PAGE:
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BDCs or Customer Engagement Center? It’s an Easy Decision From the Customer’s Point of View

Why do we make it so hard for consumers to buy cars? Today’s car shoppers want to know details about the potential transaction and many BDCs are simply not equipped and, in many cases, are not permitted to provide this information.

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BDCs are limping around their final lap in dealerships today.

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Saddled with the task of handling one of the dealership’s most valuable assets with the lowest-paid and least-experienced staff, they were destined for failure. Dealers have been handing over hundreds of thousands of dollars in leads to BDC departments with little-to-no training or experience. The extremely valuable asset of in-market car shoppers is wasted in many stores when shoppers want more information than the BDC can provide before they show up for an appointment.

Why do we make it so hard for consumers to buy cars? Today’s car shoppers want to know details about the potential transaction and many BDCs are simply not equipped and, in many cases, are not permitted to provide this information.

The customer engagement center (CEC) will quickly replace the BDC in dealerships across the country. The BDC’s day has passed. Or did BDCs ever really have a day? BDCs were designed with a couple of fatal flaws that truly made it impossible for them to succeed.

BDC staff members — the least-trained and lowest-paid people in the dealership — are also the first contact and first impression that many customers have with the dealership. In the beginning, providing customers with minimal information and driving them all to an appointment at the dealership worked to a point. Today’s car shopper demands more and wants to know payment and other information that most BDCs cannot or will not provide. This is the first fatal flaw.

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The second is the BDC pay plan. BDC employees are bonused based on appointments showing up. This leads to them trying to force appointments on people who have not had all their questions answered and are not sold on visiting the dealership yet. This is one of the main reasons why 50 percent or fewer of appointments show. It’s just easier to agree to a time with no intention of showing up to get off the phone with the BDC representative. Armed with an “appointment” a few days off, the BDC rep leaves the customer alone to shop other dealerships. Have you ever called a customer who missed an appointment to only learn that she bought a car a day earlier at another store?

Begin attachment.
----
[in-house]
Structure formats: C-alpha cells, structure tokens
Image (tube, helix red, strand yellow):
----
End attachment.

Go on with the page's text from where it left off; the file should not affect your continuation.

To make real appointments that customers will actually plan on keeping, the TO from the BDC to the sales department needs to take place earlier. This is where the customer engagement center comes in to play. Employees of the CEC will make the initial contact with the customer and perform the initial information gathering. Once this is complete and the customer begins to ask for information that only the sales department can provide — payments, interest rates, trade values and so on — the CEC TOs this customer to a salesperson. In this situation, the customer is guided into the dealership by a salesperson who has the complete information to provide to convince the customer to visit the dealership.

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In most other businesses, there are “inside” and “outside” salespeople. The inside sales reps handle all incoming communications and inquiries. The outside salespeople do product demonstrations and close deals. Think of the CEC reps as inside salespeople who sift through all the potential opportunities and pass on the good ones to outside salespeople to close. Your salespeople will love dealing only with people ready to discuss buying a vehicle. Wasn’t this the original thought process behind BDCs to begin with?

When converting your BDC to a CEC, the first thing to do is get buy-in from both the BDC and salespeople. Invite them to discuss the best customer experience, what that interaction with both departments looks like and how to achieve this. You will be surprised that, after they point fingers for a few minutes, they will actually agree. The BDC/CEC reps want to collect information and provide basic information to shoppers. Once the interaction graduates to financial issues, however, they want to turn it over to sales. Guess what — the salespeople want to control this part of the exchange, as well. Both groups will agree that this is the best time for a TO.

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Now to the pay plan. Your CEC reps should be bonused on successful TOs and delivered units. Everyone needs to be working toward the common goal: cars over the curb burning gas.

Your new CEC reps will hand off shoppers ready to work a car deal to your salespeople. Your salespeople will spend all of their time with shoppers who are ready to buy. Your CEC reps and your salespeople will be happier. More importantly, your customers will be happier. The customer experience at your dealership will improve with this new process. Your customers will be working with the right person every step of the way, from shopping through delivery.

For a free set of CEC tips and tricks, please email at the address above with “CEC” in the subject line.

Jason Girdner

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